About atoms and molecules- Nature of the forces between them
The building blocks of matter:
Many of the ancient Greek philosophers believed that all
substances were composed of tiny particles or atoms; but it was not until the nineteenth century that this idea developed into a useful theory for explaining some of the chemical and physical properties of matter.
In 1808, the English chemist, John Dalton ( 6 September 1766 – 27 July 1844), produced experimental evidence to show that chemical compounds consist of molecules which are groups of atoms of various elements united in the same simple numerical proportion.
An element is a substance which cannot be split into simpler substances, while an atom is the smallest portion of an element which can take part in a chemical change.
Some scientists thought of atoms as being like tiny billiard-balls, but since then we have learned a great deal about the nature of the atoms themselves.
The structure of atoms will be discussed later. In this post we shall show how the molecular theory is used in physics to explain some of the elementary properties of gases, liquids and solids.
So let’s begin…
I do not want to repeat myself. So please read :Einstein’s Acheivements part1, for Brownian motion . It is discussed in details, with gif picture:) .
Nature of the force between atoms and molecules
Newton’s law of universal gravitation which works so well in calculations of the force between two pieces of matter whose distance apart is large compared with their sizes, fails to give the right answer when applied to two molecules which are very close together. This does not mean that the gravitational attraction no longer acts but that incomparably greater forces of a different kind come into action.
Now we shall deal with this subject very briefly. As most students know ( I hope ) that electricity can produce electric and magnetic forces of attraction and repulsion.
Atoms themselves contain particles of electricity in motion and so we get electric and magnetic forces between them.
We shall, therefore, sum up the situation by saying that, when atoms are very close together, the forces between them are electromagnetic in nature. The net result is that, when their centers are a certain distance apart, the resultant force between two atoms of molecules is zero. When closer than this they repel one another and when further apart they attract one another.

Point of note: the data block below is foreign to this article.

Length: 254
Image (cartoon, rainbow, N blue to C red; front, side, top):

Furthermore, these electromagnetic forces differ from one kind of atom to another and even between atoms of the same kind depending on whether a substance is in the liquid state or some particular kind of solid state. A good example of a substance which can exist in more than one kind of solid state is carbon ( graphite or, of course, diamond in the picture above).
Three states of matter, or four?
Matter commonly exists in either the solid, liquid or gas state.( of course there is a plasma state of matter which could not be discussed now ).
In a solid substance the molecules vibrate about their zero resultant force position, alternately attraction and repelling one another.
All true solids have a crystalline structure in which the atoms are arranged in a regular pattern called the lattice.
There is, however, a borderline class of materials which appear to be solids but actually are very viscous liquids. Pitch is a good example. When struck with a hammer, it readily splinters, but if placed in a funnel and left for several years it slowly flows out.
In a liquid, the molecules are also vibrating to and fro alternately attracting and repelling one another with forces which can be just as strong as those in a solid.
At the same time, however, the liquid molecules can move freely among one another, exchanging partners as they go. It is this freedom of movement which enables a liquid to take up the shape of any vessel in which it is placed.
It is worth mentioning that experimental evidence indicates that small groups of liquid molecules can arrange themselves for very short period of time into the same kind of regular pattern found in solids.
In a gas the molecules are much further apart than those in solids and liquids. They move at high velocities colliding with one another and with the walls of their containing vessel.
Except at the moment of collision, the short-range inter-molecular forces we have been describing do not come into action.
Unless the gas is highly compressed, the molecules are, for the greater part of the time, so far apart that the attractive force is effectively negligible.
Consequently, a gas is perfectly free to expand and completely fill the vessel containing it.
The average distance moved by a molecule between collisions is called its mean free path.
Rudolf Clausius ( 2 January 1822 – 24 August 1888) applied the laws of mechanics to these collisions and showed how they explained the relation between the pressure and volume of a gas.